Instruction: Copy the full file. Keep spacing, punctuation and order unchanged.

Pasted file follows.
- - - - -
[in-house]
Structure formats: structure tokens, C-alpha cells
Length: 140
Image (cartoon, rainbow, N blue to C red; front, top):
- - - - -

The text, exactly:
[in-house]
Structure formats: structure tokens, C-alpha cells
Length: 140
Image (cartoon, rainbow, N blue to C red; front, top):